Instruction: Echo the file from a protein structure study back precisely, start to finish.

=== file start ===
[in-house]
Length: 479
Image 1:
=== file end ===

[in-house]
Length: 479
Image 1: